Opponents of the US agreement believe that subsidized grain from giant farms risks knocking out small farmers in Colombia. Oxfam International, which works against poverty, criticizes the agreement as an unconditional opening for exports of rice, corn, wheat, barley, soybeans, chicken, beef and more from the US, while Colombia’s sugar exports are conditional. According to Oxfam, the agreement was governed by commercial interests without taking into account the social situation of war-torn Colombia.

In recent decades, Colombia has essentially been the world’s largest producer of cocaine (although Peru took first place for a few years from 2012). At most, close to 90 percent of all cocaine has come from Colombia. The crops are mainly found in areas along the coast towards the Pacific. Only in the state of Nariño, bordering Ecuador, are larger cocoa cultivars than in all of Peru. The fight against coca cultivation, especially through the military’s aerial spraying, caused the area to shrink in Colombia for a number of years until it fell by more than two-thirds. However, aerial spraying was banned in 2015 because the pesticide was carcinogenic. This may have contributed to the growth of the cultivated area, reaching 171,000 hectares in 2017, which was a record level.

Areas inside the rainforests are used for illegal cultivation of cocaine, the raw material for cocaine. For poor farmers, working on coca farms has usually been the most profitable business. They have protested violently against the government’s cooperation with the United States, Plan Colombia (see Modern History), which wiped out large coca fields before offering alternative cultivation. The aerial spraying has also killed other crops.

About half of Colombia’s area is covered with forest. Nevertheless, forestry plays a small role for the economy. However, illegal logging is increasing, leading to soil degradation. The land then becomes unusable, which also degrades fresh water resources.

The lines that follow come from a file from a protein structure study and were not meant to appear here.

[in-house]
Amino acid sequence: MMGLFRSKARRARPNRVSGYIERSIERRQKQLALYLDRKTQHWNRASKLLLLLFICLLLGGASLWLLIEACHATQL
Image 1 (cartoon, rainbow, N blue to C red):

Colombia’s fairly undeveloped fishing industry could grow significantly, as there is good access to fish in the seas, rivers and lakes. Shrimp cultivation takes place for export to, among others, Spain, France and the United States.


Agriculture’s share of GDP

6.3 percent (2018)

Percentage of land used for agriculture

40.3 percent (2016)

  • Offers how the 3-letter acronym of COL stands for the state of Colombia in geography.



Settlement between left guerrillas

Farc and ELN announce that they will stop fighting each other and instead concentrate on attacking the military.


The US is allowed to use military bases properly

October 30th

Colombia and the United States sign an agreement that gives Americans the right to station personnel at seven Colombian military bases.


Chávez protest against intrusion

The Venezuelan president claims that Colombia has invaded the neighboring country, something Bogotá denies. The weeks before, Chávez has vigorously protested Colombia’s plans for stronger cooperation with the United States in the fight against drug trafficking, and in particular a decision to allow the United States to use air bases in Colombia.


The intelligence service is designated for crime

It is revealed that agents within the Colombian intelligence service DAS engaged in intercepting telephone calls and emails to Supreme Court judges, opposition politicians, government officials and journalists. The data has been sold to drug dealers and other criminal groups, right-wing militia and left-wing rebels. DAS has also been linked to the assassination of presidential candidates.

Farc prisoners released

The guerrillas release six prisoners, two former politicians held since 2002. This is in response to an open exchange of letters between Farc and a group of left-wing politicians and intellectuals who call themselves Colombians for peace.

Colombia Agriculture and Fishing